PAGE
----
I’ve read about productivity and organisation strategies and self-care tips, and I think I may have to just start scheduling my life to the quarter hour. It’s clear that I can’t keep doing what I’ve been doing, but I have a lot of trouble protecting time for self-care. I want to say yes to everything, and so I take on more than I can handle, and work time spills into personal time, and before I know it I’m completely exhausted and I can’t function for a couple of days.

I feel like a broken record, but I’m still not sure how to move forward taking care of myself better. Maybe I’ll schedule to the minute in Google Calendars, and block off personal time and have alarms to move me through my day or something. But that feels too rigid and robotic. What if I need to change things on the fly?

One of my biggest problems is the length of my commute. It takes me an hour each way to get to campus and back home, and in the mornings there’s nowhere to sit (admittedly, this is less of a problem now that I walk with a cane), and studying crammed up against another commuter is awkward and uncomfortable, and I can’t really concentrate. I don’t study well at home, so I stay late on campus, but then having to travel means I won’t get enough sleep before I have to be up and back on transit. I missed one class twice this term from staying up late to finish work and then sleeping through my alarm and right up to the start of class time. That’s not a huge deal on campus, but with an hour long commute it’s literally impossible to get to class until it’s almost over.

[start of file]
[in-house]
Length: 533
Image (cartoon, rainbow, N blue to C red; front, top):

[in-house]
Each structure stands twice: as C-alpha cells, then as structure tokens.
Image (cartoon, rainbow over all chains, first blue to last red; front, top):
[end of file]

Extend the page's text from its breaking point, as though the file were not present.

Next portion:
This term, there were a lot of times that I accepted the penalty of not getting work done in order to get enough sleep to function. I sacrificed grades to my health. And it felt painfully cruel to have to pretend I wasn’t dying inside when the non-indictments of Officers Wilson and Pantaleo came in, to go to work and class as though nothing was wrong. It hurt. It still hurts.

For many people, this has been a truly disastrous year. My friends and family have struggled with health, faced the possibility of houselessness, fought to get enough to eat, and so much more. Family loss, environmental disaster, job loss. We are open, raw, exposed. Police violence and public callousness have ground us down, and we have had to push through, pretend that our souls are not bleeding from too many wounds to count. It’s so exhausting.

Finals are past, grades are in, and I have less than three weeks to get my equilibrium back, to patch the holes enough to go on. I’m excited for the classes I picked, but I’ve considered taking a term off—or even dropping out—more than once. I’m just exhausted.

I hope I can build my reserves back up before the start of next term, because I won’t make it through another term like this. My body won’t let me, and I don’t want to.